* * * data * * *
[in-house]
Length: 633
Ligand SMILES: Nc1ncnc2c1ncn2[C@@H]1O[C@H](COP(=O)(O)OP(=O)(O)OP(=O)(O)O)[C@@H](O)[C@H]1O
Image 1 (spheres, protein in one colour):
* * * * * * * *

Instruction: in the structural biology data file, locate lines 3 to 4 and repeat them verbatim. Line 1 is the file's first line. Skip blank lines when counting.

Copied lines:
Ligand SMILES: Nc1ncnc2c1ncn2[C@@H]1O[C@H](COP(=O)(O)OP(=O)(O)OP(=O)(O)O)[C@@H](O)[C@H]1O
Image 1 (spheres, protein in one colour):